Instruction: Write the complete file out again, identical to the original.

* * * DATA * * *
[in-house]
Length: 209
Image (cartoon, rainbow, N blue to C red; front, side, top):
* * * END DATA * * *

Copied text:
[in-house]
Length: 209
Image (cartoon, rainbow, N blue to C red; front, side, top):